@Iowa Old Lady: My mom had the same issues with pain meds while dying of cancer, complicated by prescriptions written by her doctor in Iowa City, 1 1/2 hours away from where she lived in the Quad Cities. She was weeks away from the end and the pharmacy got all shitty about it.

  62. 62
    SIA says:

    @JPL: Thanks, will check it out.

  63. 63
    Jay C says:

    @John Cole +0:

    Mrs. Jay is a chronic pain patient (since about 1997, unfortunately), so I’ve developed a completely unwanted familiarity with the chronic-pain-medical-complex BS. And, to be fair, it generally sucks. You’re quite right about the mood thing though, but the upside (and I use that word advisedly) of your condition (maybe, IANAD) sounds like its mainly due to accidents/trauma: and as long as you don’t have any other underlying medical issues, you have a better chance of the shoulders getting “fixed”, as long as everything else is reasonably “normal” on you.

    I’ll second the recommendation for patches: if the OTC stuff doesn’t help, ask your doctor for Lidocaine or Flector: they won’t help anything heal, but for large areas like shoulders, filtering a local anesthetic through via the patch can be useful.

    Oh, AND second at least trying acupuncture. You’ll need (I would guess) about half-a-dozen sessions (2x week) to tell if it’s doing any good or not: but with a good practitioner, you might not even notice the needles.

  64. 64
    Manyakitty says:

    @John Cole +0: Have you tried Biofreeze? It’s a topical analgesic and it’s worked like a charm for me lately.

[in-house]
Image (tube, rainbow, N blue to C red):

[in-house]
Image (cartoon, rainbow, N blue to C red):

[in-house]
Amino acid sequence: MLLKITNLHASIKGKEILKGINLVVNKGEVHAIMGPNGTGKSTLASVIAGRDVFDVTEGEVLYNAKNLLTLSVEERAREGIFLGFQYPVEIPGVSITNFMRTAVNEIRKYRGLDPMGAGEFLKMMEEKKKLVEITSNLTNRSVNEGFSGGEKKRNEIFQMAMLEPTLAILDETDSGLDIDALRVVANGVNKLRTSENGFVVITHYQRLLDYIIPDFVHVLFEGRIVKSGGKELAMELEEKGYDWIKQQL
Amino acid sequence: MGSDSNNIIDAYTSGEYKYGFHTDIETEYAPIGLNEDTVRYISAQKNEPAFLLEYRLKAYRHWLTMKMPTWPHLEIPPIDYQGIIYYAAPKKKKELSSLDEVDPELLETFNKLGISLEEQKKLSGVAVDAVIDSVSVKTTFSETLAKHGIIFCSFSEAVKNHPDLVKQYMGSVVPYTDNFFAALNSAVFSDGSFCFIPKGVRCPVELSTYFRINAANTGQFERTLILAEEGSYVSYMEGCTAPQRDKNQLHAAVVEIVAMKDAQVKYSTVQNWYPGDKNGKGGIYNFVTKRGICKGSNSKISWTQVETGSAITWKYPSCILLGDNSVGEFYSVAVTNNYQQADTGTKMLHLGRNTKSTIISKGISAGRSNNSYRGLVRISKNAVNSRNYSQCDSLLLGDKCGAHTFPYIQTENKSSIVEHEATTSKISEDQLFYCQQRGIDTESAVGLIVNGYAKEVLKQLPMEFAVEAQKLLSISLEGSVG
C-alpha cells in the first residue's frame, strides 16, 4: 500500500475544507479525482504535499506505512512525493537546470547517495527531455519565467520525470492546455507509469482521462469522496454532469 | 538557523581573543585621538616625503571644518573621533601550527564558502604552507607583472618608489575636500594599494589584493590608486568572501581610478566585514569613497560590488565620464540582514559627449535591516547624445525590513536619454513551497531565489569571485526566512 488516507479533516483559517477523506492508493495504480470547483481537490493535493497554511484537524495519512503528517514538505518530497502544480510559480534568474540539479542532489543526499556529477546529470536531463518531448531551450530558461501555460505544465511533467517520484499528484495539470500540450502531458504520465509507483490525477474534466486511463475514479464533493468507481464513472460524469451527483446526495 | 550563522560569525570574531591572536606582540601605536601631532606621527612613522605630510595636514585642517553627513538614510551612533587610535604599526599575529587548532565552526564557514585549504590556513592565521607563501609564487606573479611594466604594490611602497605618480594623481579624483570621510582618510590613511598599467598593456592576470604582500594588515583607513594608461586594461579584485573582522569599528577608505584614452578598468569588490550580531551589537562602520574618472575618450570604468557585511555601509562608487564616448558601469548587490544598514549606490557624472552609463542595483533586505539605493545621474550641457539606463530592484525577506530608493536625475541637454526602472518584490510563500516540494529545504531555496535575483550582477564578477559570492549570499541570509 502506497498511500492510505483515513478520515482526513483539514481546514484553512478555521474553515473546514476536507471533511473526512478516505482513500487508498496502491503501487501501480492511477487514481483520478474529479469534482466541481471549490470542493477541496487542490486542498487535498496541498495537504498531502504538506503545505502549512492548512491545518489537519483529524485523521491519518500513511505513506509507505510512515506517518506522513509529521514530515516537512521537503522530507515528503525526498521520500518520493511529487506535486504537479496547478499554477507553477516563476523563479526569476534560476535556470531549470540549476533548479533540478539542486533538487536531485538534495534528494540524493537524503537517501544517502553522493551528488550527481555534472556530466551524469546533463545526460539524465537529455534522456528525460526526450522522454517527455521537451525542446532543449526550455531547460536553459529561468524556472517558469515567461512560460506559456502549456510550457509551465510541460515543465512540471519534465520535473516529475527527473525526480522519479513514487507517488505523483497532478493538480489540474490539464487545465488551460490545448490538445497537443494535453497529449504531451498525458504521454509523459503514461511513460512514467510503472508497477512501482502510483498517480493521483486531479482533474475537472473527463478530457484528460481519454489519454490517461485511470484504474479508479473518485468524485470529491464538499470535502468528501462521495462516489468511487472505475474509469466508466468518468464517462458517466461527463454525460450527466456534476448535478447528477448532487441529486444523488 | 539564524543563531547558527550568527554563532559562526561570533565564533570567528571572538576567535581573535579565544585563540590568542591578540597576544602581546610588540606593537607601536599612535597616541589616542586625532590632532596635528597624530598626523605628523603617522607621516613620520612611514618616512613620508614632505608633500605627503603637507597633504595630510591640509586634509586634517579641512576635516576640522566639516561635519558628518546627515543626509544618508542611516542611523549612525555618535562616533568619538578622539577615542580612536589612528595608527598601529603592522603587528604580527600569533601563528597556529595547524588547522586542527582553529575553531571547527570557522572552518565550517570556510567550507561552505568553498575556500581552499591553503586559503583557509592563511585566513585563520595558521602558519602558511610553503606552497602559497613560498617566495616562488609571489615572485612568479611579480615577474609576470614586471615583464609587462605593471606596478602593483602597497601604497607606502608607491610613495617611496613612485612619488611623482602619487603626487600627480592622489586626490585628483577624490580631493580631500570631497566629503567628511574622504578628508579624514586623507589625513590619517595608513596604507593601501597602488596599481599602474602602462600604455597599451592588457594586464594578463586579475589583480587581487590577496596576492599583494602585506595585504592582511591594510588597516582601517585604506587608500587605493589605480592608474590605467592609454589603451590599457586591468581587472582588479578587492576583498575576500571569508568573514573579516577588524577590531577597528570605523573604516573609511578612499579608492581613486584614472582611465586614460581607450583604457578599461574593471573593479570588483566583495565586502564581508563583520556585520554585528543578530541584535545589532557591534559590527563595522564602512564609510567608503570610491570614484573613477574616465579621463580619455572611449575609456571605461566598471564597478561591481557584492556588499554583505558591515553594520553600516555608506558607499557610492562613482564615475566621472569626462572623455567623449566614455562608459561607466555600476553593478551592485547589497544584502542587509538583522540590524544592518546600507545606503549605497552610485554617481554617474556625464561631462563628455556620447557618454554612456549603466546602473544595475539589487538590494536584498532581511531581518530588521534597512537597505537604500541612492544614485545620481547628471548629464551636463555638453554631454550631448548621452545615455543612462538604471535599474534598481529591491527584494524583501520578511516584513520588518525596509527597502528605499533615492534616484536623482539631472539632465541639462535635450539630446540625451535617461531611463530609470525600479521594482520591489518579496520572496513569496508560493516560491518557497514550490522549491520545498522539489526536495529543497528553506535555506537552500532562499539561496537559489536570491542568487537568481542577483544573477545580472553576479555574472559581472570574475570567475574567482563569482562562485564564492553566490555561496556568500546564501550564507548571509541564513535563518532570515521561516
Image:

65. 65
    Violet says:

    @John Cole +0: You’ll probably think this is crazy but since pain is managed by the brain, changing how your brain perceives things can be helpful. Here’s a short summary of a research study on how mindfulness meditation helped decrease and manage pain. Changing how your brain perceives the pain can help to lessen the pain. It sounds crazy but it can work. I have done it with my hip/back pain.

    Maybe you can find a short course on meditation or you can look up stuff online and you can give it a try. You don’t have to sit lotus style on the floor or anything. You can even do walking meditations. I find that works better for me. I really like labyrinth walking. I see there is one in Bethany. You just walk it–no, you can’t get lost, there’s one way in and one way out–and let your mind wander or focus on your breathing or whatever. I find them incredibly relaxing and centering. No, they’re not exclusively Christian. Labyrinths are found all over the world in many cultures.

    If all of that is too much, maybe just focus on breathing. It’s the core of yoga and focusing on the breath in and out is the basis of meditation. As little as five minutes a day can help. It refocuses your brain and that in turn can change the way your brain perceives pain and thus you think the pain is lessened.

  66. 66
    bg says:

    No solutions to your pain. just writing to try to save you from wasting your time watching the True Blood finale. It’s so lame. Rewatch the first 3 seasons instead.

  67. 67
    tommydee says:

    Three weeks since I dislocated my shoulder. Hated the MRI. Liked the morphine but naturally they cut me off. Best has been leftover ibuprofen compounds from oral surgery. ….. PS. I’m also snappish.

  68. 68
    bcw says:

    The ice machines like what you have are really good and you can’t cause frostbite since the T can’t go below freezing. I leave it going at night. (just don’t salt the ice…. haha.) BTW, they’ll grow algae in the tubes if you leave them wet on storage.
    I like naproxyn more than ibuprofin since you can maintain the full dose more easily since it lasts longer. Twice the over-the-counter amount is the prescription dosage. Take with food to protect your stomach.
    5% Lidocaine patches are helpful if you can get them.